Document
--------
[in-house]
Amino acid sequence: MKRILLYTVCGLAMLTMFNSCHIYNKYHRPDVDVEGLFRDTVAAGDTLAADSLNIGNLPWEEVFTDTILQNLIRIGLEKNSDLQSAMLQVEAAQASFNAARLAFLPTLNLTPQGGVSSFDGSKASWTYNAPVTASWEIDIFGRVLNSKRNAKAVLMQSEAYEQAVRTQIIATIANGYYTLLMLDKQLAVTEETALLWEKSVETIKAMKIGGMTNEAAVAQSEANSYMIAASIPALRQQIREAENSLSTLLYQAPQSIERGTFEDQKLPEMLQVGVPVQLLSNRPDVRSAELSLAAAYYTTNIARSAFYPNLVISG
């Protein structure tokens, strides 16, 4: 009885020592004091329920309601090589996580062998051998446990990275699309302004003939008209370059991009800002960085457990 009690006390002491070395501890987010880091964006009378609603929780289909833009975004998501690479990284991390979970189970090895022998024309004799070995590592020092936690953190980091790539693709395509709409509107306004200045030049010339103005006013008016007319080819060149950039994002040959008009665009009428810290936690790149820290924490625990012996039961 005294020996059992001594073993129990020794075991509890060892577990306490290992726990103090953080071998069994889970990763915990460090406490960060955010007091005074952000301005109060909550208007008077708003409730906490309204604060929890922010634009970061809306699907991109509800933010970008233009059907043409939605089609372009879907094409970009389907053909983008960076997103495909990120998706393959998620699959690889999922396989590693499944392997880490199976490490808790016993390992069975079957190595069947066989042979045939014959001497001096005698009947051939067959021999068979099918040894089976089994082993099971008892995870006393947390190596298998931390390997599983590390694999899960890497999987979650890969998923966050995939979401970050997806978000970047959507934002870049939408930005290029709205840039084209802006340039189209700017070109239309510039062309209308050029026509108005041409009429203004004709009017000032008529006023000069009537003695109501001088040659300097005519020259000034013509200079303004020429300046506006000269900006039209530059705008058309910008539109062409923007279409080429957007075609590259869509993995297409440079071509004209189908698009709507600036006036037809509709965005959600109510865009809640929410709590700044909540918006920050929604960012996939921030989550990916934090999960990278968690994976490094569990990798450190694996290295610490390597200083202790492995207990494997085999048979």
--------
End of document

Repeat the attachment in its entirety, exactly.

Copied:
[in-house]
Amino acid sequence: MKRILLYTVCGLAMLTMFNSCHIYNKYHRPDVDVEGLFRDTVAAGDTLAADSLNIGNLPWEEVFTDTILQNLIRIGLEKNSDLQSAMLQVEAAQASFNAARLAFLPTLNLTPQGGVSSFDGSKASWTYNAPVTASWEIDIFGRVLNSKRNAKAVLMQSEAYEQAVRTQIIATIANGYYTLLMLDKQLAVTEETALLWEKSVETIKAMKIGGMTNEAAVAQSEANSYMIAASIPALRQQIREAENSLSTLLYQAPQSIERGTFEDQKLPEMLQVGVPVQLLSNRPDVRSAELSLAAAYYTTNIARSAFYPNLVISG
């Protein structure tokens, strides 16, 4: 009885020592004091329920309601090589996580062998051998446990990275699309302004003939008209370059991009800002960085457990 009690006390002491070395501890987010880091964006009378609603929780289909833009975004998501690479990284991390979970189970090895022998024309004799070995590592020092936690953190980091790539693709395509709409509107306004200045030049010339103005006013008016007319080819060149950039994002040959008009665009009428810290936690790149820290924490625990012996039961 005294020996059992001594073993129990020794075991509890060892577990306490290992726990103090953080071998069994889970990763915990460090406490960060955010007091005074952000301005109060909550208007008077708003409730906490309204604060929890922010634009970061809306699907991109509800933010970008233009059907043409939605089609372009879907094409970009389907053909983008960076997103495909990120998706393959998620699959690889999922396989590693499944392997880490199976490490808790016993390992069975079957190595069947066989042979045939014959001497001096005698009947051939067959021999068979099918040894089976089994082993099971008892995870006393947390190596298998931390390997599983590390694999899960890497999987979650890969998923966050995939979401970050997806978000970047959507934002870049939408930005290029709205840039084209802006340039189209700017070109239309510039062309209308050029026509108005041409009429203004004709009017000032008529006023000069009537003695109501001088040659300097005519020259000034013509200079303004020429300046506006000269900006039209530059705008058309910008539109062409923007279409080429957007075609590259869509993995297409440079071509004209189908698009709507600036006036037809509709965005959600109510865009809640929410709590700044909540918006920050929604960012996939921030989550990916934090999960990278968690994976490094569990990798450190694996290295610490390597200083202790492995207990494997085999048979």